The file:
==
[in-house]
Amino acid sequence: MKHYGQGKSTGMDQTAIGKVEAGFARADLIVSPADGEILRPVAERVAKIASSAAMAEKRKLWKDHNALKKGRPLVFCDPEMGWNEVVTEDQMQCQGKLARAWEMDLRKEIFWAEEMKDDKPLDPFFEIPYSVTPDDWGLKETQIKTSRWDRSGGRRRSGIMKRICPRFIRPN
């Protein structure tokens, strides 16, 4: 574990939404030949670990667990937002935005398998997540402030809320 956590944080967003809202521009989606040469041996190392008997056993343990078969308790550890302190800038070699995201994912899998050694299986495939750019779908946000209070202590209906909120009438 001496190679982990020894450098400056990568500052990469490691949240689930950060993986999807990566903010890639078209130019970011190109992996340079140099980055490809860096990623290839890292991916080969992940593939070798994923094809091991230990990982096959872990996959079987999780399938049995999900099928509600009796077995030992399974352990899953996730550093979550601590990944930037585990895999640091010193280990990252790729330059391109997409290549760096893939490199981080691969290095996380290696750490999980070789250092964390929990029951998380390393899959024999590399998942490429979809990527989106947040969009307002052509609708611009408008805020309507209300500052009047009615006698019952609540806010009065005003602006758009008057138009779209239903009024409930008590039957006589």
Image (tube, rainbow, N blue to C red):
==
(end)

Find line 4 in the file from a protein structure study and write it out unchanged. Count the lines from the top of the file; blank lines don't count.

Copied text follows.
Image (tube, rainbow, N blue to C red):